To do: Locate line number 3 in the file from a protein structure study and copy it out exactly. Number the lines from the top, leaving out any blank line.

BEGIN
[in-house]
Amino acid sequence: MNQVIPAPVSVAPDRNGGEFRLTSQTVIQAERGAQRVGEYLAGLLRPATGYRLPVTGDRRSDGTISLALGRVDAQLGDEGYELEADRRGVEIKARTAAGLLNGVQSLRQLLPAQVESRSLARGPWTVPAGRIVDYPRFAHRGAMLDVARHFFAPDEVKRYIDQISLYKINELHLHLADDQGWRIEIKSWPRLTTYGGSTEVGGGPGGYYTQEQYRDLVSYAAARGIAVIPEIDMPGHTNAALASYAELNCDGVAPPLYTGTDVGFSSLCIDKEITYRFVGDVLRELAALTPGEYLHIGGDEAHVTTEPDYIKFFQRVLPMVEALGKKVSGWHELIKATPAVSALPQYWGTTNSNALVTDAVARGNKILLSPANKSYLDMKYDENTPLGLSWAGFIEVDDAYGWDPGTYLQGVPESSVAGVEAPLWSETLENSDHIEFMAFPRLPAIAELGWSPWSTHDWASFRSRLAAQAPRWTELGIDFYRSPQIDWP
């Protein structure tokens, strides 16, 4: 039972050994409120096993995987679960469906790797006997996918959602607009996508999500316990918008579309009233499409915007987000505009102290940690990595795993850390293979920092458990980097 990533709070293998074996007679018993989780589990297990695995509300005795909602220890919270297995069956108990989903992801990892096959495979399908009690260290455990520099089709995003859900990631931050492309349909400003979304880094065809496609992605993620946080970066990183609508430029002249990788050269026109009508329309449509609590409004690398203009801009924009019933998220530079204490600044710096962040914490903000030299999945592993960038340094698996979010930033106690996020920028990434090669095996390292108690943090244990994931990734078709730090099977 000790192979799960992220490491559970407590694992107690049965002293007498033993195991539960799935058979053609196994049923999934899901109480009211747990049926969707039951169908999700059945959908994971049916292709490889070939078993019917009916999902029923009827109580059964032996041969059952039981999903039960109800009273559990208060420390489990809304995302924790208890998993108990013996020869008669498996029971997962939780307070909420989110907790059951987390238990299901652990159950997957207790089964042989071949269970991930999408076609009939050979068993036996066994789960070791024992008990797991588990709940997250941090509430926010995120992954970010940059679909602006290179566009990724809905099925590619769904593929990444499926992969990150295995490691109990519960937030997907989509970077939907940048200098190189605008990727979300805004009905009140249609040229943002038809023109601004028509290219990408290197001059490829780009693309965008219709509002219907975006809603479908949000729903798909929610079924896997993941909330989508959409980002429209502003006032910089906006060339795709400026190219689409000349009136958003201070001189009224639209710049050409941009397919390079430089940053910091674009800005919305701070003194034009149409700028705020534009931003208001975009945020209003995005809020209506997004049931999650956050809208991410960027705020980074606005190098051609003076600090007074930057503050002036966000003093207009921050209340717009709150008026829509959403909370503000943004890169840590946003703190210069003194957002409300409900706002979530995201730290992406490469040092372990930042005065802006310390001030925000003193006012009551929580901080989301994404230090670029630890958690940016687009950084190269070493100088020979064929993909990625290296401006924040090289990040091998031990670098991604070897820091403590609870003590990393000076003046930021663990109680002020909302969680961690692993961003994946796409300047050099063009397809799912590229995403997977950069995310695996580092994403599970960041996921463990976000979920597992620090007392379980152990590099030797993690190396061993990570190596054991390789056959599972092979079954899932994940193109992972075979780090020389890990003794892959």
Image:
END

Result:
């Protein structure tokens, strides 16, 4: 039972050994409120096993995987679960469906790797006997996918959602607009996508999500316990918008579309009233499409915007987000505009102290940690990595795993850390293979920092458990980097 990533709070293998074996007679018993989780589990297990695995509300005795909602220890919270297995069956108990989903992801990892096959495979399908009690260290455990520099089709995003859900990631931050492309349909400003979304880094065809496609992605993620946080970066990183609508430029002249990788050269026109009508329309449509609590409004690398203009801009924009019933998220530079204490600044710096962040914490903000030299999945592993960038340094698996979010930033106690996020920028990434090669095996390292108690943090244990994931990734078709730090099977 000790192979799960992220490491559970407590694992107690049965002293007498033993195991539960799935058979053609196994049923999934899901109480009211747990049926969707039951169908999700059945959908994971049916292709490889070939078993019917009916999902029923009827109580059964032996041969059952039981999903039960109800009273559990208060420390489990809304995302924790208890998993108990013996020869008669498996029971997962939780307070909420989110907790059951987390238990299901652990159950997957207790089964042989071949269970991930999408076609009939050979068993036996066994789960070791024992008990797991588990709940997250941090509430926010995120992954970010940059679909602006290179566009990724809905099925590619769904593929990444499926992969990150295995490691109990519960937030997907989509970077939907940048200098190189605008990727979300805004009905009140249609040229943002038809023109601004028509290219990408290197001059490829780009693309965008219709509002219907975006809603479908949000729903798909929610079924896997993941909330989508959409980002429209502003006032910089906006060339795709400026190219689409000349009136958003201070001189009224639209710049050409941009397919390079430089940053910091674009800005919305701070003194034009149409700028705020534009931003208001975009945020209003995005809020209506997004049931999650956050809208991410960027705020980074606005190098051609003076600090007074930057503050002036966000003093207009921050209340717009709150008026829509959403909370503000943004890169840590946003703190210069003194957002409300409900706002979530995201730290992406490469040092372990930042005065802006310390001030925000003193006012009551929580901080989301994404230090670029630890958690940016687009950084190269070493100088020979064929993909990625290296401006924040090289990040091998031990670098991604070897820091403590609870003590990393000076003046930021663990109680002020909302969680961690692993961003994946796409300047050099063009397809799912590229995403997977950069995310695996580092994403599970960041996921463990976000979920597992620090007392379980152990590099030797993690190396061993990570190596054991390789056959599972092979079954899932994940193109992972075979780090020389890990003794892959």